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Posted : 2016-02-16 17:21
Updated : 2016-02-16 21:25
 

Park vows to change North Korea with sticks

President Park Geun-hye makes a speech at the National Assembly, Tuesday. / Korea Times photo by Oh Dae-geun

President says Gaeseong wages diverted for weapons development


By Kang Seung-woo

President Park Geun-hye said Tuesday that South Korea will continue to take harsh steps of its own to change North Korea and make it give up its nuclear weapons program.

She warned that the Kim Jong-un regime will eventually collapse if it continues to pursue nuclear weapons.

"It has become clear that the past ways of coping with North Korea cannot curb the country's nuclear ambitions. It is time to seek fundamental solutions to actually change the North," Park said in a televised address given at the National Assembly.

"Rather than only depending on international sanctions, we need to use every trick in the book to address this issue for ourselves."

She said that without any actions to change the North, the country will, ultimately, deploy missiles with nuclear warheads.

Park said a hefty chunk of wages paid to North Korean workers at the Gaeseong Industrial Complex (GIC) was funneled to its leadership.

"Most of the dollars we paid are presumed to have been funneled into the Workers' Party responsible for nuclear and missile development, instead of being used to improve the livelihood of ordinary people," Park said.

"While the international community is seeking to ban cash flows into North Korea, we, the first party of the issue, should participate in the move to force the North to abandon its nuclear program."

Her remarks came a day after Unification Minister Hong Yong-pyo reversed his claim that the government had evidence to prove that the wages were diverted for weapons programs directed by the Kim regime.

Park said that her government will stem the North's decades-long vicious cycle of creating tension in order to obtain economic aid.

"We should not be led by such a pattern by the North anymore and we should stop offering financial support following its saber-rattling, as done in the past," the President said.

The North staged its fourth nuclear test on Jan. 6 and launched a long-range rocket launch on Feb. 7, apparently to test its ballistic missile technology.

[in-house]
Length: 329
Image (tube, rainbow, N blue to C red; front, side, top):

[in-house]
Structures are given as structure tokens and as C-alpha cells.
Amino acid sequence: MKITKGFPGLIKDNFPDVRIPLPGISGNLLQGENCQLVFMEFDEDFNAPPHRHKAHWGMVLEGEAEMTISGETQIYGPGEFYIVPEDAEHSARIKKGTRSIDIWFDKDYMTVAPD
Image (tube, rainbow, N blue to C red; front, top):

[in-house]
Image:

As punishment, the South Korean government closed down the inter-Korean factory park in the belief that its payments to GIC workers had been used to bankroll the development of nuclear weapons and missiles.

Park stressed that the GIC shutdown is the beginning of a series of sanctions that South Korea and the international community will impose against North Korea.

The United Nations Security Council has been working on a resolution that will slap more sanctions on North Korea over the provocative actions.

"We will take stronger and more effective measures to create an environment where the North cannot survive with its nuclear development and it eventually will speed up the collapse of the regime," Park said.

The President added that South Korea will work together with the United States and strengthen trilateral cooperation that also includes Japan to promote denuclearization and stability on the Korean Peninsula.

"We will also continue to discuss the issue with China and Russia," she said.

All five nations are members of the long-stalled six-party talks aimed at denuclearizing the North.

After the repressive state test-fired a long-range rocket last week, the South Korean government decided to discuss deploying the Terminal High Altitude Area Defense (THAAD) system here with the United States.

However, the plan has prompted a backlash from China which is concerned that the THAAD radar system will locate its missiles, putting Seoul-Beijing ties under additional pressure.

"South Korea and the U.S. are in negotiations to maintain a strong deterrence, to boost our combined defense capabilities and improve the joint missile defense system against North Korea. The THAAD discussion is part of that plan," she said.

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